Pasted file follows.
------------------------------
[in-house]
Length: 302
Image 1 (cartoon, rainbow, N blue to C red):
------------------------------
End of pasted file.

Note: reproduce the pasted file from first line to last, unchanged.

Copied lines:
[in-house]
Length: 302
Image 1 (cartoon, rainbow, N blue to C red):